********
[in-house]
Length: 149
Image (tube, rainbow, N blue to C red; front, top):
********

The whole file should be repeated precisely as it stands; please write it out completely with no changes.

[in-house]
Length: 149
Image (tube, rainbow, N blue to C red; front, top):